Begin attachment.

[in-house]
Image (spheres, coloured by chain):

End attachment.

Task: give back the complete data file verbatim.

[in-house]
Image (spheres, coloured by chain):